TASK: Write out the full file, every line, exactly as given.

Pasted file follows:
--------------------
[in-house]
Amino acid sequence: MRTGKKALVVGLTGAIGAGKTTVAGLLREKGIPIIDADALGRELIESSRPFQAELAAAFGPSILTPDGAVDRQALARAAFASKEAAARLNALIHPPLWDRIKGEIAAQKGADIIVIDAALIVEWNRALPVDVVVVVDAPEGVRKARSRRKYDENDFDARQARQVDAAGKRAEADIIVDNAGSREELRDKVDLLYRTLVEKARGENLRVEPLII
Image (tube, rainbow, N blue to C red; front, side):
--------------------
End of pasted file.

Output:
[in-house]
Amino acid sequence: MRTGKKALVVGLTGAIGAGKTTVAGLLREKGIPIIDADALGRELIESSRPFQAELAAAFGPSILTPDGAVDRQALARAAFASKEAAARLNALIHPPLWDRIKGEIAAQKGADIIVIDAALIVEWNRALPVDVVVVVDAPEGVRKARSRRKYDENDFDARQARQVDAAGKRAEADIIVDNAGSREELRDKVDLLYRTLVEKARGENLRVEPLII
Image (tube, rainbow, N blue to C red; front, side):